Featured Research

from universities, journals, and other organizations

Combined chronic alcohol and marijuana use during youth can compromise white-matter integrity

Date:
December 14, 2012
Source:
Alcoholism: Clinical & Experimental Research
Summary:
Chronic alcohol and marijuana during youth is associated with worsened neurocognitive abilities into later adolescence and adulthood. A new study examines fiber tract integrity affected by adolescent alcohol and marijuana use for 1.5 years. Results support previous findings of reduced white-matter integrity in these youth.

Chronic use of alcohol and marijuana during youth is associated with poorer neural structure, function, and metabolism, as well as worsened neurocognitive abilities into later adolescence and adulthood. This may be due to biological and psychosocial transitions occurring during adolescence that impart increased vulnerability to neurotoxic influences. A study of longitudinal changes in fiber tract integrity associated with adolescent alcohol and marijuana use during 1.5 years supports previous findings of reduced white-matter integrity in these youth.

Results will be published in a special online issue of Alcoholism: Clinical & Experimental Research and are currently available at Early View.

"Research has shown differences in the brains of teens who use alcohol and marijuana as compared to teens who do not use these drugs or report only very infrequent, minimal use," said Joanna Jacobus, postdoctoral fellow at the University of California, San Diego as well as corresponding author for the study. "Alcohol and marijuana may have a negative impact by altering important cellular communication in the brain, preventing development of new healthy cells, and/or causing inflammation, which can adversely impact healthy brain development in many ways. For example, the results can lead to changes in brain structure such as volume, and function such as activity."

"The areas of the brain that are composed mostly of connecting axons have been termed 'white matter,' since these areas appear white in color," added Duncan Clark, associate professor of psychiatry at the University of Pittsburgh Medical Center. "However, prior research has not clearly demonstrated that this white matter disorganization is caused by alcohol or marijuana use. In some studies where adolescents are studied only once, white matter disorganization may have been present prior to alcohol or marijuana use."

"The teen brain is continuing to develop, so many neural systems are not yet fully matured, as compared to adults' brains," said Jacobus. "Brain connections important for inhibiting risky behaviors are still forming, and some youth are more likely to choose immediate effects, such as alcohol or marijuana use, over long-term benefits."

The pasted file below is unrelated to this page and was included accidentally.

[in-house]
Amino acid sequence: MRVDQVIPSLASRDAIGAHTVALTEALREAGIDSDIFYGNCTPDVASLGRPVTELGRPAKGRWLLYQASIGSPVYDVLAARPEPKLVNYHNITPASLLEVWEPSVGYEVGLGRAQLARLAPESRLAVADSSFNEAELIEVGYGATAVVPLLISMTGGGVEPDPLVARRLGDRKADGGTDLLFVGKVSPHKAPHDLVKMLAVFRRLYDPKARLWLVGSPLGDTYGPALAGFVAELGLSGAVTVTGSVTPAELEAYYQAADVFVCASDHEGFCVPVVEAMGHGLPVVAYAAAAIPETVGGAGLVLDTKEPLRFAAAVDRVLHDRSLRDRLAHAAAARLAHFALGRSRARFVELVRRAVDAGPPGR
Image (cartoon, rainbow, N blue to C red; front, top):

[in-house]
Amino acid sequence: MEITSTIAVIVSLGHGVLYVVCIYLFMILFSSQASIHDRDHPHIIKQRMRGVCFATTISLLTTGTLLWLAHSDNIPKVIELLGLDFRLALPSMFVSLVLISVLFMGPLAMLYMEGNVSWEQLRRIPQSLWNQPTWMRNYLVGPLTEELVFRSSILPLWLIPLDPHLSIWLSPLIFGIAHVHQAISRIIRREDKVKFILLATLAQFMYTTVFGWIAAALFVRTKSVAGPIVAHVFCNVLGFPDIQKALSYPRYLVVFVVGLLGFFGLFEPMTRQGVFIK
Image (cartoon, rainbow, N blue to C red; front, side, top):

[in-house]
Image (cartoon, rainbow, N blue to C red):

Clark agreed. "Maturation of the brain during adolescence is thought to be the foundation for self-control," he said. "The developing adolescent brain, compared to the fully developed adult brain, is also probably more vulnerable to alcohol neurotoxicity. Adolescents are vulnerable to loss of control and, when this loss of control involves substance use, excessive or risky substance use can have adverse consequences."

For 18 months, the researchers followed 92 adolescents (63 males, 29 females), ages 16 to 20 years, divided into two groups: 41 with extensive alcohol and marijuana use histories by mid-adolescence, and 51 with consistently minimal if any substance use. Participants were part of an ongoing longitudinal study of substance use in adolescence with teens recruited from local schools from 2005 to 2007. Both groups received diffusion tensor imaging and detailed substance use assessments, along with toxicology screening, at baseline and 18-month follow-ups -- 182 scans in all -- as well as interim substance-use interviews every six months.

"We found evidence for poorer white matter tissue health in teens who engage in heavy alcohol and marijuana use compared to those who abstain," said Jacobus. She noted that white matter, the "information highway of the brain," allows for quick and efficient communication between brain regions. Compromised white matter can mean slower cognitive processing and poorer cognitive performance such as memory, attention, and decision-making.

"As to whether there were differences in these teens before they began using alcohol and marijuana is difficult to determine, but we found that increasing alcohol use over 1.5 years in late adolescence was related to a decline in white matter health 18 months later, supporting a negative effect of alcohol use on the brain despite potential pre-existing differences," Jacobus said.